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Discussion in 'Bad Dog Cafe' started by bftfender, Dec 4, 2018.
Not long back from a week on Islay with 18 bottles of the stuff......Roll on Christmas...
Whisky is one of only a couple of spirits that I drink. I'm no connoisseur but I've tried lots, down the years, and have a few favourites.
When I lived in Scotland (1994-1999) I found myself, by chance, living within 10 miles of a distillery that produced what became my favourite; Glenturret.
Most of their production went into Famous Grouse blends, so Famous Grouse bough the Glenturret distillery and brand and turned the place into a Famous Grouse visitor centre. It's a great place but I do miss the simple days when it was just Glenturret.
Other than that, I'm partial to Islay and other smoky malts.
I was at a friend's place last Saturday and he let me try some Nikka (Japanese) whisky. It was very nice but I still prefer the Scottish whiskies.
I'm not, but my wife is, so for Christmas I bought her a bottle of The Balvenie TUN 1509.
Jeez, is that stuff expensive. I could have bought a new Squier Tele for what it cost...
I have only had one good Scotch in my life. It was hot weather, Australian style , the next day. I had to leave work by lunchtime from sweating profusely and elevated body temperature. Not a drink for us Downunder. Cold, freezing cold beer is safest and we love it.
They all taste the same drowned in Coke. The only way I can stomach the filthy stuff.
Round those neaps off with square sa usage and a deep fried Mars bar, and you could get mistaken for a native. You'd also need a pathological hatred of "the English". Now here's the thing; they can hate us forever but we don't care!
I think that probably just makes it worse.
I like the cask strength Laphroaigh. Just a drop of water helps to open it up. If you can get past the alcohol, it's an intense mix of peet and iodine. I love how Laphroaigh was one of only a handful of alcoholic beverages that was still legal during Prohibition. It was marketed for its medicinal qualities.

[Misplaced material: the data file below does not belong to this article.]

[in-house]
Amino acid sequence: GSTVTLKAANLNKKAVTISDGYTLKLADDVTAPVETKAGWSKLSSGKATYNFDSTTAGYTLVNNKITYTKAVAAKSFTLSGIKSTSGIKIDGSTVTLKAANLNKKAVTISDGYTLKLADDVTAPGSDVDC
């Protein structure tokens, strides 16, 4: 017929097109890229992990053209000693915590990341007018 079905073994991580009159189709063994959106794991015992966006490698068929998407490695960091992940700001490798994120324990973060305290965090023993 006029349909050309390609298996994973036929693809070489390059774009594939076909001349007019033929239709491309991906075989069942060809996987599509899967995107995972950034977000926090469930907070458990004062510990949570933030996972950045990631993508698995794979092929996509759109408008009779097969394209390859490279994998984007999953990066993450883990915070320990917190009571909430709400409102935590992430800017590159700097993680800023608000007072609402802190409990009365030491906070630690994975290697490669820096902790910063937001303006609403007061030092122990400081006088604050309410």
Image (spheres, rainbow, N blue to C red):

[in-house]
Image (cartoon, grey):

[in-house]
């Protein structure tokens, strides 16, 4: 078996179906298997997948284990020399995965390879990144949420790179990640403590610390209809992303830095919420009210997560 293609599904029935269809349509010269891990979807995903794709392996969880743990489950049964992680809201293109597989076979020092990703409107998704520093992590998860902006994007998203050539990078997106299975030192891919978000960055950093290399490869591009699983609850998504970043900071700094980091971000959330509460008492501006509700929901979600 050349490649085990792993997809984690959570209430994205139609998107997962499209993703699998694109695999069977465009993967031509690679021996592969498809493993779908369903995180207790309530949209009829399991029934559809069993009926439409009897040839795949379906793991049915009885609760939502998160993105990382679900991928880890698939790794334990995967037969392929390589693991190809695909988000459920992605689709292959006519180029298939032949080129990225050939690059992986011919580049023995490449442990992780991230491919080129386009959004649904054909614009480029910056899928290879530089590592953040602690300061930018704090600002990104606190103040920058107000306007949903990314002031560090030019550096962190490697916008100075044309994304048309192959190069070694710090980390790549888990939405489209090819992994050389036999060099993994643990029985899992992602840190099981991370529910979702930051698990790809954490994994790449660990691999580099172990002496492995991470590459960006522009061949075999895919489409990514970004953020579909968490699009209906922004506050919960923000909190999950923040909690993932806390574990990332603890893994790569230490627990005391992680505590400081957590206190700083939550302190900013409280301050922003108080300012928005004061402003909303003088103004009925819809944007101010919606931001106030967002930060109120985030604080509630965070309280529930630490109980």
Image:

That would be a waste of a good single malt.
I've been known to enjoy a good scotch...
...and other fine whiskey(whisky) type drinks.
You are right on the money with these two picks!
Beginner tip - don't call it "neat" if you're adding water. Neat, by definition, is without ice or water.
Now that we got that out of the way, a good intro scotch, in my opinion, is Macallan 12. It is mellow, smooth, and a bit sweet (aged in sherry casks). It's also not very expensive...prob $60/bottle.
If you like those, try Green Spot and Tyrconnell. They are superb!
yup, going neat next time, thanks..learning
Well the collection has doubled and found out have a bass player and drummer friend who appreciate Scotch, going to build a bar in band room in next day or 2 and we are doing a freestyle jam Saturday night..going to grill some filet mignon and play some tunes..i need this ..the 2 years of being strangled
not being able to play out and release a CD that is done...Macallan 12
Good read. Bit out of date but in fairness he has unfortunately been dead a few years now.
Oban special reserve is pretty special if you can find it.
There's about a third remaining of the bottle of Lagavulin 16 that was given to me last Christmas. Now I know what to ask for...Thanks!
I think I know what you mean, but note there cannot be Scotch from any part of the world other than Scotland. And by Scottish law scotch must be aged at least three years.
If made in Spain, it can be whisky (or whiskey), and it can be made just like scotch and taste like scotch, but it cannot be called scotch.
Believing that single malts are somehow superior to blended is:
The whisky equivalent of PIO caps.
Rarely, but I sure enjoy a good one from time to time. I usually try a different one each time if at a bar or take whatever my host offers.
Back when I lived in Tucson in the '80's my roommate, his girlfriend and I had a ritual where we'd drink Johnnie Walker Black and watch Hill Street Blues on TV.
Ah, an uisge beatha thread. I do love them...
There are very few independent distilleries. Most are owned by multinational conglomerates, just as any other commodity is.
Anyway, Glenfarclas. 15 and up.